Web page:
New Thyroid Guidance Challenged

Nicky Broyd

June 03, 2019

The Society for Endocrinology (SfE) and British Thyroid Association (BTA) have challenged a new clinical practice guideline on managing subclinical hypothyroidism (SCH).

Two weeks ago, as part of the BMJ's rapid recommendations initiative, an international panel of experts issued new guidance in the BMJ that said patients with subclinical hypothyroidism were being overtreated and should not be routinely offered thyroid hormone replacement therapy.

In a statement the SfE and BTA state that for such a strong recommendation the supporting evidence has to be compelling and that is 'simply not the case'.

Between 4 and 20% of adults have subclinical hypothyroidism but around a third of these experience no symptoms.

Evidence Review

The guidance was based on the results of a systematic review of evidence and meta-analysis of 21 trials with 2192 participants. The review included the TRUST trial that found levothyroxine (LT4) treatment showed "no apparent benefits in older persons with subclinical hypothyroidism".

The guidance review panel wrote: "There was high certainty that there is little to no difference in general quality of life, thyroid-related symptoms, depressive symptoms, fatigue, cognitive function, muscle strength, and BMI.

"The results are consistent across these outcomes, which strengthens our confidence that there really is a lack of benefit."

Treatment Threshold 'Too Stringent'

Challenging the guidance, SfE and BTA issued a joint statement saying insufficient evidence has been cited to support practice changes: "Due to over-extrapolation from available data, most of which is from older patients with milder symptoms or from small-scale studies, the conclusions drawn are not justified. SfE and BTA are concerned that these recommendations could influence primary care physicians to dismiss patients with subclinical hypothyroidism, particularly younger ones, which could lead to some missing out on vital treatment if their condition progresses.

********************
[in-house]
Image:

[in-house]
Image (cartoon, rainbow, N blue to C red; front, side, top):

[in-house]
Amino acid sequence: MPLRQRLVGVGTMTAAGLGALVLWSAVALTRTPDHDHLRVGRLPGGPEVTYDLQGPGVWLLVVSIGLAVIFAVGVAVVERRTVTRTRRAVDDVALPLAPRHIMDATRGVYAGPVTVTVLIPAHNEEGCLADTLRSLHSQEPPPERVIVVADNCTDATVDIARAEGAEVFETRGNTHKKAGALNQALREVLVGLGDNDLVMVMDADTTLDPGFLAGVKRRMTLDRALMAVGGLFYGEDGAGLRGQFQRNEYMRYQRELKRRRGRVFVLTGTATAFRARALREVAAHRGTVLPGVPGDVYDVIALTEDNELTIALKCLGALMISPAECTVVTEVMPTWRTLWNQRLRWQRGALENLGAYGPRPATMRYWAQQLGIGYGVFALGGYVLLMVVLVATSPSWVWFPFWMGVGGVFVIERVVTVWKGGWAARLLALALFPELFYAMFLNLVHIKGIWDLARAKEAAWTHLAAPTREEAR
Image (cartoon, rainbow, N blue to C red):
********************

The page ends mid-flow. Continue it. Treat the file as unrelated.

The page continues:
"SfE and BTA urge that larger studies, using more sensitive measures and taking factors, such as age and genetics, into consideration are needed before drawing such strong conclusions on the benefits or disadvantages of SCH treatment."

Two experts provided additional insights. Dr Peter Taylor, clinical senior lecturer and consultant endocrinologist at Cardiff University said: "What this detailed summary of the data does show is the urgent need for clinical trials of symptomatic patients with subclinical hypothyroidism especially in younger individuals."

Dr Onyebuchi Okosieme, consultant endocrinologist at Cardiff University School of Medicine said: "It is difficult to justify denying treatment to patients with fairly advanced degrees of subclinical hypothyroidism (TSH levels of 10-20 mU/L), as recommended by these guidelines. Many such patients will have intrinsic thyroid disease and withholding treatment puts them at risk of disease complications."

BMJ 2019. Published online May 14, 2019. Full text.

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